Mounting Case Law on the Dangers of Social Media and Your Court Case

It should shock no one that facebook, twitter and other forms of social media have become a hub for individuals to blow off steam.  While a therapist may recommend the release – as an attorney attempting to protect her client – one of the first things I tell my clients is to keep their fingers in their pockets and let me do the talking.  Why?  Because I want to protect my client’s privileged information.  One of the most coveted parts of an attorney client relationship is the attorney-client privilege.  In simple terms, the attorney-client privilege allows client’s to share information with their attorneys – and then the attorney has a duty to protect that information and can not be forced to disclose/testify against their client with regards to that information.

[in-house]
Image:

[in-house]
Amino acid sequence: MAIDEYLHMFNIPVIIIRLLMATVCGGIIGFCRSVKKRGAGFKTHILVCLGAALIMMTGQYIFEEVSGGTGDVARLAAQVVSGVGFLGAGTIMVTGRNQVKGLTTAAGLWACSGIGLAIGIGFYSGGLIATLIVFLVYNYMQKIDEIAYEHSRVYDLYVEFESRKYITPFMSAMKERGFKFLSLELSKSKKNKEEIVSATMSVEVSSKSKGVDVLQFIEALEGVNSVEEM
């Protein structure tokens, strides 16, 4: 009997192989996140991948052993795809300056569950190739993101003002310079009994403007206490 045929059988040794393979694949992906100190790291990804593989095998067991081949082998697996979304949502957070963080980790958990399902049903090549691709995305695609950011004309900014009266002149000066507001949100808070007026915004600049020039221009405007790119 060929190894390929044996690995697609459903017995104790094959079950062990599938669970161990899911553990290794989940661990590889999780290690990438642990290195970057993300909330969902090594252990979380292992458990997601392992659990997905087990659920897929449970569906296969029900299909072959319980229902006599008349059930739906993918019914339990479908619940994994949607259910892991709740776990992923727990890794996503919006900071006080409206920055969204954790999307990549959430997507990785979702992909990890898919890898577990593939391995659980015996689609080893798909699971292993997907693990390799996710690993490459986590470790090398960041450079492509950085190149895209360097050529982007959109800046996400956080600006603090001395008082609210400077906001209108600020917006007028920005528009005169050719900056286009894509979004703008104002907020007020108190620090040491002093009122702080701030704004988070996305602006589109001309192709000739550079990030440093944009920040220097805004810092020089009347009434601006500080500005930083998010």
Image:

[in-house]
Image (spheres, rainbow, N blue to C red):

However, this privilege is not indefinite.  A client can waive this privilege – and one way to do so is by talking about the subject online on facebook.

LexisNexis put together a nice article on the mounting case law on point in 2011( – and the message remains the same today – put facebook away when it comes to your case.

 Disclaimer: The information in this post is for general reference only and is not intended as legal advice for any specific situation. You should consult a qualified, licensed attorney for actual guidance relating to each individual situation in which you are involved.